Flying while binding, UK/Ireland edition
March 18, 2019 8:14 AM   Subscribe

On Wednesday I'm flying from Stansted to Dublin, and then back again on Saturday. This is my first time flying while also wearing a binder, do I need to be concerned about anything in particular?

I identify as non-binary, have short hair, wear exclusively men's clothing, and generally bind when I'm out in public. I'm AFAB and still have F gender markers on my passport because my country doesn't legally recognise my gender identity, fun times! In terms of how I read to other people at the moment, I get double takes from some people but I also routinely get called "ma'am", "love" and other female-gendered terms by around 50% of the people I interact with publicly. I don't wear any makeup or decorative jewellery and keep my hair short but I still clearly read as female to a subset of people.

It's a short-haul flight so I'm not concerned about comfort or safety while wearing the binder; this question is more around how much (if any) hassle I can expect at the airport. I don't know if I'll be going through a body scanner or a metal detector; hopefully the latter as it's a short-haul flight within the EU.

Is there anything I should/shouldn't do or say in this situation, or do I just proceed as though it's going to be a non-issue?
posted by terretu to Travel & Transportation (6 answers total)
 
I would proceed as if it is going to be a non-issue but I would be particularly scrupulous about removing all metal. Failing to do so on a recent UK/Ireland flight meant I dinged red on the standard walk through scanner and I think it was just change I'd forgotten in a pocket.

I was then asked to step into the body scanner and then had a pat-down. I am a cis female presenting person and my pat down was from another F person. It was all very low-key and polite but this may be something it's worth the additional vigilance to you to avoid.
posted by DarlingBri at 8:24 AM on March 18


Also: light shoes without metal parts that don't reach your ankles, or otherwise take them off. The wrong shoes get me dinged on the metal scanner all the time.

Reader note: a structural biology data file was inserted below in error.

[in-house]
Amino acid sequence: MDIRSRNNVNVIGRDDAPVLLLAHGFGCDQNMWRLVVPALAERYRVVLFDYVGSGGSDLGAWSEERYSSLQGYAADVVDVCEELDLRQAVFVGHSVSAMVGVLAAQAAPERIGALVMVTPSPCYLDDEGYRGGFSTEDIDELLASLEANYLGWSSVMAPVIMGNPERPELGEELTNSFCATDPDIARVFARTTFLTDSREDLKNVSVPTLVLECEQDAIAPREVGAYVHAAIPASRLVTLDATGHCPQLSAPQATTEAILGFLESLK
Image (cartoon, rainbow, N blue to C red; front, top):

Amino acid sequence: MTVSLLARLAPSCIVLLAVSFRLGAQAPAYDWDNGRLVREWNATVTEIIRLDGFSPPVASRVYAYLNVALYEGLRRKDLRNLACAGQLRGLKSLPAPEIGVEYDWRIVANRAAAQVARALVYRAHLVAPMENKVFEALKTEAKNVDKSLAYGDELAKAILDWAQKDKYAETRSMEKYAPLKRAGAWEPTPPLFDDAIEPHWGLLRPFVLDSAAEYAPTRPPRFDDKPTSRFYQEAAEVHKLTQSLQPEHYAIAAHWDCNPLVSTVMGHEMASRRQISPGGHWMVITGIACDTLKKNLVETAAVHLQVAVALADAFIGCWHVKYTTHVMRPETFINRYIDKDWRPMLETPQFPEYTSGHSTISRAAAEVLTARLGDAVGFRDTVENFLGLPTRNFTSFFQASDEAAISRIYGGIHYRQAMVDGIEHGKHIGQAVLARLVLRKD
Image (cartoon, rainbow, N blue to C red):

posted by I claim sanctuary at 8:46 AM on March 18


I've flown through the Dublin airport, and it seemed to be pretty low-key on the hassle scale. At the security checkpoint, I went through a metal detector, but I don't believe I went through a body scanner. (Googling: they *have* body scanners, but the standard practice is just to use the detector.) Seconding the recommendation to wear things without metal. Slip-on shoes, pull-on pants, no jewelry, and you should be in and out.

Also, keep in mind that there are plenty of people who look pretty androgynous even if they identify with a particular gender, and also that security has seen every kind of human appearance that there is. Unless you're planning to be a one-person flash mob at the checkpoint, they're not going to remark on you.
posted by Autumnheart at 8:50 AM on March 18


Body scanners frequently highlight me for additional screening. The areas that then get patted down are my thighs or upper arms, clearly metal free and far removed from anywhere where there may be any metal such as my bra wire or jeans button. For comparison, I rarely trigger the metal detectors.

And it turns out that the scanners are designed to identify non metal objects as well as metal ones. They are also prone to false positives. In my case I suspect that being obese and a preference for garments to fit loosely round my chubby arms (i.e. more fabric), results in readings that are not what the programming deems normal. So I suppose binding could also result in anomalous scan readings at which point they‘ll wave the wand over the area and run the backs of their hands over it. You’ll have to decide if that is problematic for you.
posted by koahiatamadl at 11:16 AM on March 18


Be careful not to let your body or clothing brush the metal detector, which will set it off and invite a wanding. Also, my experience comports with koahiatamadl's re suspecting that my love handles and batwing arms register problematically on the body scanner.
posted by carmicha at 1:57 PM on March 18


US experience: I got through the body scanner things as an androgynous/male-presenting afab person much more easily with a binder than without. I guess the compression made my chest look less "anomalous" on the scanner or something when I was flagged as male.
More irritatingly, I set off the scanner a couple of times with loose jeans and boxer shorts when I was flagged as female (presumably) because there was more fabric in my crotch area than whoever calibrated the scanner expected (I wasn't packing).
Even if you do set off the scanner you probably won't have to say anything- I never had any security workers actually ask any questions; they just did a perfunctory pat down or wand wave and sent me along.

You know how your body reacts to binding better than I do, but IME it was worth the awkwardness of dealing with a public restroom to take my binder off before getting on the plane. I left my binder on for a flight from DC to Boston once and it was really painful.
posted by martinX's bellbottoms at 4:43 PM on March 18


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